What is TypeScript

TypeScript is a typed superset of JavaScript that compiles to plain JavaScript which primarily provides static typing, classes and interfaces. Basically you are writing JavaScript with a few conventions that helps you writing cleaner code which will compile into normal JavaScript. One of the big benefits is to enable IDEs to provide code completion, spotting common errors, refactoring, etc.

There are lots of tutorials out there that are good “What is TypeScript” but I just wanted to show some simple examples how TypeScript is similar and different from native JavaScript.

Note: These first couple of examples are not using any TypesScript type annotations but will still compile fine.

Single Class Example

JavaScript Example:

var Person = function(name, age) {
    this.name = name;
    this.age = age;
};

Person.prototype.getDescription = function () {
    return this.name + " is " + this.age + " years old.";
};

TypeScript Example:

class Person {

    name;
    age;

    constructor(name, age) {
        this.name = name;
        this.age = age;
    }

    getDescription() {
        return this.name + " is " + this.age + " years old.";
    }

}

Below how we would use these examples:

var person = new Person("Robert", 35);
console.log(person.getDescription());
//Robert is 35 years old

As you can see TypeScript is JavaScript but with a few conventions on how to create a class, always having a “constructor” method and not using the function word. With TypeScript you don’t need type annotation on properties(variables) and methods(functions) but it will come in handy when you start working in large projects and have an IDE that supports TypeScript. Later I will show you the TypeScript code with full type annotations but first I want to compare extending classes between JavaScript and TypeScript.

Extending Classes Example

JavaScript Example:

//Person Class
var Person = function(name, age) {
    this.name = name;
    this.age = age;
}

Person.prototype.getDescription = function() {
    return this.name + " is " + this.age + " years old";
}


//Man Class
var Man = function(name, age) {
    Person.prototype.constructor.call(this, name, age);
}

Man.prototype = new Person();
Man.prototype.constructor = Man;

Man.prototype.getDescription = function() {
    var originalDescription = Person.prototype.getDescription.call(this);
    return originalDescription + " and is a man";
}

TypeScript Example:

//Person Class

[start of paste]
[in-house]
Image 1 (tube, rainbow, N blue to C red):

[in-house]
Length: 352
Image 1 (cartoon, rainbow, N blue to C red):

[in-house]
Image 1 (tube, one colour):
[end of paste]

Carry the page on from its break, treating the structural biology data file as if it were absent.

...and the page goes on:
class Person {

    name;
    age;

    constructor(name, age) {
        this.name = name;
        this.age = age;
    }

    getDescription() {
        return this.name + " is " + this.age + " years old.";
    }

}

//Man Class
class Man extends Person {

    constructor(name, age) {
        super(name, age);
    }

    getDescription() {
        var originalDescription = super.getDescription();
        return originalDescription + " and is a man";
    }

}

Below how we would use these examples:

var man = new Man("Robert", 35);
console.log(man.getDescription());
//Robert is 35 years old and is a man

TypeScript Example with Type Annotations

Below is the TypeScript class with type Annotations to help developers and IDE’s determine what type of data can be assigned to a property or passed to a methods. The beauty is if you have an IDE like WebStorm 6/PhpStorm 6 you can get code completion and accurate refactoring.

//Person Class
class Person {

    public name:string;
    public age:number;

    constructor(name:string, age:number) {
        this.name = name;
        this.age = age;
    }

    public getDescription():string {
        return this.name + " is " + this.age + " years old.";
    }

}

//Man Class
class Man extends Person {

    constructor(name:string, age:number) {
        super(name, age);
    }

    public getDescription():string {
        var originalDescription:string = super.getDescription();
        return originalDescription + " and is a man";
    }

}

To get started with TypeScript check out my OOP TypeScript Tutorial. Be sure to check out all of my TypeScript Tutorials.

One Response to “What is TypeScript”

  1. Hey Robert! As always thanks!

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